IIS - PHP installed as CGI

I’ve installed IIS and PHP in my laptop so I could run ASP and ASP.NET applications as well as PHP applications. I run Windows 7. Installing PHP has been a bit complicated. I downloaded the latest msi file from php.net and installed it, but php wouldn’t work. So I tried downloading and extracting the zip file, and changing the configuration manually. That didn’t work as expected.

Finally, I dowloaded Microsoft’s php installer (Or should I say generic installer? (it also installs other componets such as silverlight, MVC and more) and the installer did all the job, installing PHP for me and it worked… only that PHP is running as CGI and that’s not what I wanted.

Is this the way is supposed to be? Because I think it is not.

I know that PHP as CGI has its limitations but should I bother to try to re-install PHP again?

Note: I used this very installer to install Silverlight (just curiosity) and funny enough it gave an error. Don’t know if this has anything to do… maybe my IIS configuration is not right, although I used the generic configuration.

I would not bother with installing PHP and binding to CGI, FastCGI is the preferred route.

btw, we just released a new module called PHP Manager. It’s open source and is great at troubleshooting issues with PHP on Windows/IIS. Another nice feature is that it allows you to configure multiple versions of PHP for IIS. You can have one web using 5.2 and another using 5.3. Very cool. It also detects and fixes any config settings it finds. You can check it out here, http://www.microsoft.com/web/php/


The only functions I know that don’t work are the Apache specific functions, which wouldn’t work on IIS to begin with. But PHP is looking at CGI for future advancement, adding in a new FastCGI Process Manager just recently. http://us3.php.net/manual/en/install.fpm.php

Yet another question comes into my mind… Are you saying that I can have two different versions of PHP installed in the same machine and same IIS server?
You can as long as the two have different file extensions. Or you override the global configuration at a site/domain level. Very useful for testing.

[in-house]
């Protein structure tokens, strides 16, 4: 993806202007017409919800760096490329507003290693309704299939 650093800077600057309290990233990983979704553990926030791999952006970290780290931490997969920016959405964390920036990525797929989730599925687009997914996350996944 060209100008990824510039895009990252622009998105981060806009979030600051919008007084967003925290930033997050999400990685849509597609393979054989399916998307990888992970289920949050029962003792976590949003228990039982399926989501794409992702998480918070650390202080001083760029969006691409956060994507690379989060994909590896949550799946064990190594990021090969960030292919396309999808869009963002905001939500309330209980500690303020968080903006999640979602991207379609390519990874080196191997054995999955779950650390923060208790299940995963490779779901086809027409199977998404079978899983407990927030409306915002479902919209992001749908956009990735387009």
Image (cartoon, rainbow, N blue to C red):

Should the second installation done as CGI too? or should I just installed as normal. My problem is that everything I’ve read about installing PHP is in English, the information in Spanish is too vague… but my IIS is in Spanish and the English names of the different buttons and areas you need to configured can’t be directly translated into Spanish. I know what they want me to do, but I don’t know its name in Spanish :frowning:

Thanks logic. I didn’t remember the partnership between Zend and Microsoft, to be honest.

Some PHP functions do not work while for CGI and quite common so it is a bit annoying and I truly don’t understand the logic behind this.

Yet another question comes into my mind… Are you saying that I can have two different versions of PHP installed in the same machine and same IIS server?

I can actually answer this. On IIS 7/7.5 (Windows 7 comes with IIS 7.5), using FastCGI is the prefered way of using PHP on IIS. Microsoft actually made the FastCGI extension for IIS with PHP in mind, during the partnership between Zend and Microsoft (if you recall that).

The installer you used “Microsoft Web Platform” installed PHP using FastCGI bindings. Should it should be good as is. No need to try and reinstall unless you want a different version. I have written a guide for manual installation for PHP/IIS in the PHP forum if you need assistance.